KIDNEY DISEASE AND SLEEP APNEA
Chronic kidney disease (CKD) has a profound destructive effect on a patient’s quality of life, and results in significant increases in health care costs. CKD is also a leading cause of morbidity and mortality, especially cardiovascular events.
Patients with CKD have an increased prevalence of sleep apnea. The presence of sleep apnea in the CKD population has been associated with an increased risk of cardiovascular events, such as stroke and heart attacks.
This increase in risk occurs whether the patient is on hemodialysis (removing toxins from the blood directly with a machine) or peritoneal dialysis (putting fluid in and out of the abdomen, often as a home treatment). There is a bidirectional relationship between sleep apnea and CKD. This means that sleep apnea can worsen CKD and CKD can worsen sleep apnea.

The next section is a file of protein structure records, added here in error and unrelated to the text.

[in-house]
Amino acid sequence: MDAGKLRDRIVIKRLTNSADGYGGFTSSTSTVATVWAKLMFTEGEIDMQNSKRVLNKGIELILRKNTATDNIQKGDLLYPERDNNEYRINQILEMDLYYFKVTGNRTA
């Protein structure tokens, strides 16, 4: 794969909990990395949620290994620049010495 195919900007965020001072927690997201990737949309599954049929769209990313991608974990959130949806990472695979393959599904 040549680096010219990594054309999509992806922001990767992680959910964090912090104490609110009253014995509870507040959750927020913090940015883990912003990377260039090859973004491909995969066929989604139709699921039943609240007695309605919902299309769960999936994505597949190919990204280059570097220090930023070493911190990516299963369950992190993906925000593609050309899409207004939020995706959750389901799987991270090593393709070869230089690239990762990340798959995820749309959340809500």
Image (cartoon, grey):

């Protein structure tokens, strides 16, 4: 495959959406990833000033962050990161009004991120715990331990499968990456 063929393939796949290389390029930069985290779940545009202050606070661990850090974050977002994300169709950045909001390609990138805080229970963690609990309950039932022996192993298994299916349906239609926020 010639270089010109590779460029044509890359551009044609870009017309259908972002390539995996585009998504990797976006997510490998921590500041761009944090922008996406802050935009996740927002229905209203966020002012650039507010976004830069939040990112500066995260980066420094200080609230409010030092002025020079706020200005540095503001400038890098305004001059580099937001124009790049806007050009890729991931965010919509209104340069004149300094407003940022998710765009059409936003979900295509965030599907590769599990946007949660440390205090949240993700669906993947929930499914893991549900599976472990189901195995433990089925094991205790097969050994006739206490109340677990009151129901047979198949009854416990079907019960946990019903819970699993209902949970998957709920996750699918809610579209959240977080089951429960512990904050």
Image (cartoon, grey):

It is felt that sleep apnea causes worsening of CKD because of the intermittent reduction in oxygen level and effects on blood pressure which occurs during sleep periods in patients whose sleep apnea is unrecognized and untreated. CKD worsens sleep apnea because of its effect on nerves and muscle cells and rapid fluid shifts between dialysis treatments.
This brings me to the most important part of this article. Namely, that despite the high incidence of sleep apnea in CKD patients the sleep issues often go unrecognized. Because sleep apnea can worsen CKD and CKD can worsen sleep apnea, it is important to diagnose the presence of sleep apnea in CKD patients early.